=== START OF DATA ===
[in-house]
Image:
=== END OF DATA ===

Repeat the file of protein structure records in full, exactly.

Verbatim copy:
[in-house]
Image: